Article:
In the army, everybody sinks or swims together,
What ultimately matters to you most are the guys in your section.
These faceless soldiers in uniform, these guys are friends,
What keeps you going is that you’re there to look after each other.
I might fucking hate you because of what you did to my girlfriend last Saturday,
but in this moment, I need you – everything I did over there was for them.
There was a certain utopia to it…
Everyone’s focused on the same thing, everyone focused on getting the job done.
We were attacked, hungry, tired, wet, stinky, no shower or shitter,
Bullets don’t discriminate, so watching each other’s back was an unwritten rule.
Everything was everyone’s and for that moment in your life it’s true communal living,
What brought us together was conflict, and now that conflict is gone.
I miss being in the forces every day, it’s who I was,
It’s not a job, we’re always military.
It’s the only occupation where you can truly serve in an unlimited capacity,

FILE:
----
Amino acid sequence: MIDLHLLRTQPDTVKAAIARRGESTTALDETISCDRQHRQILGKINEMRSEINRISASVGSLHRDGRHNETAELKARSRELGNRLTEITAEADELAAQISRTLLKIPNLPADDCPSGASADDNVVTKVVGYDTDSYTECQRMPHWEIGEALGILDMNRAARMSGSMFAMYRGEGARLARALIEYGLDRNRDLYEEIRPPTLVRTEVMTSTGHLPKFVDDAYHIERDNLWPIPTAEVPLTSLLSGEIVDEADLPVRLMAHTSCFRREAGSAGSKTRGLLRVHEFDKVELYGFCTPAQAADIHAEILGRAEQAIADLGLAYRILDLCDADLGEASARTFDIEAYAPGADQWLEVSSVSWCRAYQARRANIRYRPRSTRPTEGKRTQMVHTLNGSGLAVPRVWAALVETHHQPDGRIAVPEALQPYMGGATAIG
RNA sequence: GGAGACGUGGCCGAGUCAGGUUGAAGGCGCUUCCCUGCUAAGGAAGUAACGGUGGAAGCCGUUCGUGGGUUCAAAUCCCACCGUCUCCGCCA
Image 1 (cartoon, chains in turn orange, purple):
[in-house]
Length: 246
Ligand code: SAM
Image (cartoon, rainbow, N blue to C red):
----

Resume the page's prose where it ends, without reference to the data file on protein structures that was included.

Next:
We would redeploy on a dime to get back to that balance that being in combat brings.
Once you’re out of that environment, it’s like god, what do I do now?
Everybody’s kinda sleepwalking through life here.
When you get out in civilian life, you don’t know who your friends are truly,
You’re always investing in the group… that doesn’t really exist at the office.
Joining a team I intuitively connect as much and as fast as I can with people,
That actually freaks out my civilian counterparts.
Once we leave, we are thrown back into civilian society,
Back to dog-eat-dog competition
I have a really hard time connecting with people in the civilian world now.
Their experiences aren’t relevant to me, and my experiences aren’t relevant to them.
We want to serve, that’s our mantra…
“Society is the end on which our better selves depend…
When community becomes foreign to the individual, he becomes a mystery to himself, unable to escape the exasperating and agonizing question:
…to what purpose?”
*The final quote is from Émile Durkheim’s book, Suicide.